What happened

Shares of Uber Technologies (UBER 1.93%) were rolling higher last month as the ridesharing giant seemed to turn the corner in its recovery from the pandemic and its quest to deliver consistent profitability.

The company posted better-than-expected revenue in its second-quarter earnings report, and finished the month up 23%, according to data from S&P Global Market Intelligence.

As you can see from the chart below, the stock jumped on its earnings report in early August and mostly held those gains even as the broad market pulled back in the second half of the month.

UBER Chart

UBER data by YCharts.

So what

The stock rose 18.9% on Aug. 2 after the company reported second-quarter results. Gross bookings increased 33% to $29.1 billion, and revenue jumped 105% to $8.07 billion due to a change in its business model in the U.K. and its acquisition of Transplace, a logistics technology company. That revenue result easily beat the analyst consensus at $7.39 billion.

Adjusted earnings before interest, taxes, depreciation, and amortization (EBITDA), the company's preferred metric for profitability, showed strong improvement, rising $873 million to $364 million as pandemic headwinds faded. The company also posted $382 million in free cash flow, compared to a loss of $398 million in the quarter a year ago, showing it's gone from burning cash to generating it.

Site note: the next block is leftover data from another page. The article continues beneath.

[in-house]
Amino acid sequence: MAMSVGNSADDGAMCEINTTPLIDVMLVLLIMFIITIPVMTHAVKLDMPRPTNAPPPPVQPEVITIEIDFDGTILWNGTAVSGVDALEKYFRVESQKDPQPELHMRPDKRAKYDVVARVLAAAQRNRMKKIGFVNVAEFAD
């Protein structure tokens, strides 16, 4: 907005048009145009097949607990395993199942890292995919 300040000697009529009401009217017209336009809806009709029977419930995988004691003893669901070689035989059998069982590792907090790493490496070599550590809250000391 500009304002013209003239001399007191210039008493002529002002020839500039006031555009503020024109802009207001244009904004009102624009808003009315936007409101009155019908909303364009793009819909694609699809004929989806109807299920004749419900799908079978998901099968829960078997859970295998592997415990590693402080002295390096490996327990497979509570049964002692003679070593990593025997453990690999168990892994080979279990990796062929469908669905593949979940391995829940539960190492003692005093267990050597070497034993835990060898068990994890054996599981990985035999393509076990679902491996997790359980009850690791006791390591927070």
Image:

Management expects a modest sequential improvement in the third quarter, calling for $29 billion to $30 billion in gross bookings and adjusted EBITDA of $440 million to $470 million.

Analysts cheered the report, with a number of them raising their price targets and giving upgrades to the stock, touting momentum in the mobility division and rising EBITDA leverage.

Over the duration of the month, Uber benefited from positive analyst chatter, and announced several new partnerships with companies like The Body Shop, Office Depot, and ADT.

While the stock declined in the second half of the month, it still fared well compared to most growth stocks as comments from Fed Chair Jerome Powell about sustained high interest rates pushed stocks lower toward the end of August.

Now what

Uber might finally be starting to fulfill the vision investors had for the company when it went public in 2019. It has faced multiple scandals over its history, overspent in its early years, and was dealt a setback from the pandemic. But with EBITDA and free cash flow reaching run rates greater than $1 billion, there's a much better case for the stock than there was a few years ago.

Uber still needs to prove it can grow once the recovery tailwinds fade, but it's easy to see why investors responded well to the latest report.